According to the University of Arkansas at Pine Bluff recent news release, since 1985, members of the Young Adult Sunday School Class at New Hope AME Church in Sherrill, Arkansas, have raised funds, selected students, and held annual programs to celebrate achievements and recipients of the church’s New Hope Scholarship, according to Artemeze Edwards, one of the church members.
“Because of the pandemic, the nine remaining church members haven’t been able to gather and review scholarship applications since 2019,” Edwards said. “The church did, however, surpass their $250,000 endowment goal in 2020.”
This school year, funds were distributed to six students at the University of Arkansas at Pine Bluff (UAPB), Edwards said. The recipients were Lailah Harding, Shelden Smiley, Demetris Johnson, Tye’sha Fields, Kennedi McClinton, and Michael White. The 2020-2021 recipients were Joshua Halloway, La’keycia Cleveland, and Arthur Roston, all in the Department of Agriculture; Tyberius Real, Department of Aquaculture and Fisheries; and Dajah Williams, Department of Human Sciences.
“It was during the 100th-anniversary celebration of New Hope Church, that the pastor asked members what they wanted to be remembered by,” Edwards said. “The Sunday School class voted that they wanted to be remembered by creating a scholarship fund to help students.”
The Young Adult Sunday School class was then led by the late Jimmie Lee Edwards, former Extension home improvement specialist for UAPB’s Cooperative Extension Program. At that time, the church had 26 active members.
“When Mrs. Edwards came around soliciting funds for the scholarship, she would not leave unless you gave something or promised to give something,” Patricia Wilkins, administrative specialist at UAPB and longtime friend of Mrs. Edwards, said. “Folks would give something, whether big or small because it was Mrs. Jimmie Lee Edwards doing the asking.”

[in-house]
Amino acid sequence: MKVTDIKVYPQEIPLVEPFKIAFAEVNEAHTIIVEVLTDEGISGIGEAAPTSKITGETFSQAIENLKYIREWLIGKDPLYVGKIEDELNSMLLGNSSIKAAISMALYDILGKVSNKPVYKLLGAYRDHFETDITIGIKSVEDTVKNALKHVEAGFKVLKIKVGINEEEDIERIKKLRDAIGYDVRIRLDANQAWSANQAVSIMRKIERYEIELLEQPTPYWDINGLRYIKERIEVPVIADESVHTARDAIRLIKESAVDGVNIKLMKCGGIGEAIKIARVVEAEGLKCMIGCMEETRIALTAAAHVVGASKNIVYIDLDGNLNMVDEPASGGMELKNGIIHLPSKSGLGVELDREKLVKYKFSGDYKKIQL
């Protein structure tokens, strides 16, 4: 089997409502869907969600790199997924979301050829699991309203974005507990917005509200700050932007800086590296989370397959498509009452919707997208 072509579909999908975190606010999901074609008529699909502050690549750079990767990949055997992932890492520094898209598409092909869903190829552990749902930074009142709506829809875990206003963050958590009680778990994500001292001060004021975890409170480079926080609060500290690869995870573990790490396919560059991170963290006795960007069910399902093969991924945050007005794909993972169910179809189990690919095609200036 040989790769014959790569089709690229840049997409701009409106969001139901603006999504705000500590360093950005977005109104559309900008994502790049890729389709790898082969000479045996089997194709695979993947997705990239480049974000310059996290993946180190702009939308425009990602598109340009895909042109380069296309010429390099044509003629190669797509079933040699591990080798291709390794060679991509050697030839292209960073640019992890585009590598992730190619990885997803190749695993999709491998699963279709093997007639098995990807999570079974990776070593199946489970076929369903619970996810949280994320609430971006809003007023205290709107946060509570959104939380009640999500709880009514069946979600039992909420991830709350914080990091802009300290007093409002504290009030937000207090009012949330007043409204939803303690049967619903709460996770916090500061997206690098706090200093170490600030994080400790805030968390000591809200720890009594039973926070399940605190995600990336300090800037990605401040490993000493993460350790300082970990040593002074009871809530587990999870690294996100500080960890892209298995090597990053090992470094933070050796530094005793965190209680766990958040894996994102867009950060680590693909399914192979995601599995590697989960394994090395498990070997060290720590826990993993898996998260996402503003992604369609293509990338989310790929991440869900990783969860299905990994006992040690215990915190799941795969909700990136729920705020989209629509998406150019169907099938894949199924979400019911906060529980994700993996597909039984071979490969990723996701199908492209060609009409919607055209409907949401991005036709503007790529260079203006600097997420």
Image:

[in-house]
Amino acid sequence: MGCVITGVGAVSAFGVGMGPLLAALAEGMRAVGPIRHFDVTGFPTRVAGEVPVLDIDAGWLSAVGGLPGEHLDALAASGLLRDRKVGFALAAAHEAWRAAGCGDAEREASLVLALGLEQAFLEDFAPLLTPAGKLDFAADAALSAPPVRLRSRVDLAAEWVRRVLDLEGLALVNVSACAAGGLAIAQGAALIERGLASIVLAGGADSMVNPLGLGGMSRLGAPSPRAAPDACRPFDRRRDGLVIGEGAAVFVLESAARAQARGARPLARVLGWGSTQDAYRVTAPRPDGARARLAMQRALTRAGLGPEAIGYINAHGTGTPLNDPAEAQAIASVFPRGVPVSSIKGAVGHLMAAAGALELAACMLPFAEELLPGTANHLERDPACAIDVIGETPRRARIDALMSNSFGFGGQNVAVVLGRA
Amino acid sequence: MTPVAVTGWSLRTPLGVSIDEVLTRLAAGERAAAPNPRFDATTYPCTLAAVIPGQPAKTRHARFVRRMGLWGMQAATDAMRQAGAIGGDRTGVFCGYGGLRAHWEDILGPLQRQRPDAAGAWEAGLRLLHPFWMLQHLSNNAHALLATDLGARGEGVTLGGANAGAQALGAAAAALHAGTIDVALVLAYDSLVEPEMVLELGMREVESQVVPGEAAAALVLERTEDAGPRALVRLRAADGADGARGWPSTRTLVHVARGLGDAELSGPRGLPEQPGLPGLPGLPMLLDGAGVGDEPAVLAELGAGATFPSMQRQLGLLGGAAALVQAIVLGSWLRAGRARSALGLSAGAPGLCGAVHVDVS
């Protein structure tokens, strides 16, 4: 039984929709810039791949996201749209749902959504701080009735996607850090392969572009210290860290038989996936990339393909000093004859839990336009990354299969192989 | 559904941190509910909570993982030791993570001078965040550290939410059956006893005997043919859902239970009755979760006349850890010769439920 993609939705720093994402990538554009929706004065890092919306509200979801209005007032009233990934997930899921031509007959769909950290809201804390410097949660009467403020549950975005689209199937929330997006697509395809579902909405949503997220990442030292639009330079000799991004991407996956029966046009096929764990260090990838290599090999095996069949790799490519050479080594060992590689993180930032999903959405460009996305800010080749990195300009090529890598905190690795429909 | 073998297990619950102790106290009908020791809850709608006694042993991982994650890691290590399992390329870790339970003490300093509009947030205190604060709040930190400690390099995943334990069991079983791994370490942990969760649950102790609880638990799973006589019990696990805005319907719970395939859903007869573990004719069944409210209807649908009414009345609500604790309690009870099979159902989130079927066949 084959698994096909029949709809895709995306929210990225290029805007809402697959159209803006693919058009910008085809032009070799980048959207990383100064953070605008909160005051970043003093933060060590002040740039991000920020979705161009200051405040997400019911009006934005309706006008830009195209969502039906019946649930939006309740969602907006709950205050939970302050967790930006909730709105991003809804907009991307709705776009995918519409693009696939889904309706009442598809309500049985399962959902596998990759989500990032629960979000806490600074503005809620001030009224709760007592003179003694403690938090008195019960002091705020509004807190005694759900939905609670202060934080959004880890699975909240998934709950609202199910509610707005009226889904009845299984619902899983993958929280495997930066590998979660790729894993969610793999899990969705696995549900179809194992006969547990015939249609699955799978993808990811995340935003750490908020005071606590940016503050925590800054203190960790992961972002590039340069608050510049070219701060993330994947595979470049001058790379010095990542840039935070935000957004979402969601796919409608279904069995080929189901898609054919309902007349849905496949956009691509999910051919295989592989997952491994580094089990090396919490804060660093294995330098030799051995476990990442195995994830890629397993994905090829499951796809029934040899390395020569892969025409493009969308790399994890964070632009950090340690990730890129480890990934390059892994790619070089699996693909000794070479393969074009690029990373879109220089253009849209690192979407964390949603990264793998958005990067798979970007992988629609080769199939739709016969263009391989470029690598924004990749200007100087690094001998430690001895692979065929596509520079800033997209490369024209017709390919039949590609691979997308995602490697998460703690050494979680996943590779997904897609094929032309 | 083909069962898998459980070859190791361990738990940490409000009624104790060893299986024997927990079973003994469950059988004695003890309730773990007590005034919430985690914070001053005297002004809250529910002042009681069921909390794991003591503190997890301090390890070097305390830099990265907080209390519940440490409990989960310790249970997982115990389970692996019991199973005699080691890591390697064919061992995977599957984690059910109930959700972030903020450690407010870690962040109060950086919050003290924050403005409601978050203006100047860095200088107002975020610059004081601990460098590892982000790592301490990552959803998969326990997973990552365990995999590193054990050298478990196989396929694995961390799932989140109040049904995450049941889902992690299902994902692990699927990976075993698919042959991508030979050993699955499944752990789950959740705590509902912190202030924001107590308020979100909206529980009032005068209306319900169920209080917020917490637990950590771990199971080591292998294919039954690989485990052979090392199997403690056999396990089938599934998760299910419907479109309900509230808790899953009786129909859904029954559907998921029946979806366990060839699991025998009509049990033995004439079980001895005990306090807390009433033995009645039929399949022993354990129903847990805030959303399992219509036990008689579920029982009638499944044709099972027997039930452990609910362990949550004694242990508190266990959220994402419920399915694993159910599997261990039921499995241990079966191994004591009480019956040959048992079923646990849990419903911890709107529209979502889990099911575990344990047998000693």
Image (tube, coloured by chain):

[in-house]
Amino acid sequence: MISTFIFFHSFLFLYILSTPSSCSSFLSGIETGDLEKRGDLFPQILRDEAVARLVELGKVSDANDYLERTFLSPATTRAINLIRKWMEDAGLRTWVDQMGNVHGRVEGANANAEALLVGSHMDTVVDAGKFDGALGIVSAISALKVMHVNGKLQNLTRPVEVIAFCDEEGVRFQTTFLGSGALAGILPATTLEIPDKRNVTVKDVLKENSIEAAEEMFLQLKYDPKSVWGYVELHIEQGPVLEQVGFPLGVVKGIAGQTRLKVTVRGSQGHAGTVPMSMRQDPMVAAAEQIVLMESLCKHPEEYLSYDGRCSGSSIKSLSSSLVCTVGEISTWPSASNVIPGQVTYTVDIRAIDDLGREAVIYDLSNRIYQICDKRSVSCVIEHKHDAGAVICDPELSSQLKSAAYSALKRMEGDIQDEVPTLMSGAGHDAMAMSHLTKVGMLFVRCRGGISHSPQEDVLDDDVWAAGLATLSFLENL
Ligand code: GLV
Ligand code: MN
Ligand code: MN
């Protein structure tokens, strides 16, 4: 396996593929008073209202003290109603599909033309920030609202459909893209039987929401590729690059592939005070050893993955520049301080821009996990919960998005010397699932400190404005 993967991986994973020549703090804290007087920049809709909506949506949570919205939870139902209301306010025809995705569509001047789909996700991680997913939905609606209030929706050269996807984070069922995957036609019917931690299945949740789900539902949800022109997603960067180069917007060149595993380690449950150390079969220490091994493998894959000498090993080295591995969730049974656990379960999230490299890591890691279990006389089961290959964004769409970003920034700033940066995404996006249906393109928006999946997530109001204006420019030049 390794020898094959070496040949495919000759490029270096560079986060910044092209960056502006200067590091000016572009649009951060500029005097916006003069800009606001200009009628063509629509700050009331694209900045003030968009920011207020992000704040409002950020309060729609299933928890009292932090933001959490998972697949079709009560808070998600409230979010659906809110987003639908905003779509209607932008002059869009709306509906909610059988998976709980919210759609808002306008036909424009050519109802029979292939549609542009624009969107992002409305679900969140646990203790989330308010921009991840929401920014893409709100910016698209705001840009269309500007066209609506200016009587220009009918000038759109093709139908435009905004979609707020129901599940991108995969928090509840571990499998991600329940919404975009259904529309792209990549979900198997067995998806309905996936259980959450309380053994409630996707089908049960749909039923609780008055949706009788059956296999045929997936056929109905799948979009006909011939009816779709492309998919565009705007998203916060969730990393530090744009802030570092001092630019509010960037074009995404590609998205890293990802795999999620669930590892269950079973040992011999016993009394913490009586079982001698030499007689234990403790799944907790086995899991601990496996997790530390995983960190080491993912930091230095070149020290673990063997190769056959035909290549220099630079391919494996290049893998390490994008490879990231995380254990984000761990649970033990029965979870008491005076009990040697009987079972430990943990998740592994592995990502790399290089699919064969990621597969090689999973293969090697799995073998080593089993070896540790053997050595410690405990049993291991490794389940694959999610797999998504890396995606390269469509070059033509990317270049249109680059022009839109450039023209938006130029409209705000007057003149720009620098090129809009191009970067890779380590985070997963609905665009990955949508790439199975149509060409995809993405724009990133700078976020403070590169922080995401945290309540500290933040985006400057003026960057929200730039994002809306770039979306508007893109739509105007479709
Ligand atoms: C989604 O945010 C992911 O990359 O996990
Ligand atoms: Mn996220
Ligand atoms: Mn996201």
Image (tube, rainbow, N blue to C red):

Since its inception, many School of Agriculture, Fisheries, and Human Sciences students have received a share of the $109,722 provided through the New Hope Scholarship, according to UAPB’s alumni affairs office. The funds have also been distributed to other students throughout the university to assist with school needs such as books, toiletries, travel expenses, and other items.
“Through its endowment funds, the New Hope Scholarship has assisted students majoring in agriculture, fisheries, and human sciences with tuition, books, and/or fees,” Edwards said. “Many of the students are from single-family homes and some are ineligible to receive federal financial assistance. These undue hardships on family resources sometimes cause students to drop out. Students from the U.S., Haiti, Honduras, Bulgaria, Thailand, and Jamaica have received assistance. It has been our goal to help students continue their education.”
Despite the pandemic or any other obstacle that might occur, the scholarship will live on, according to Edwards.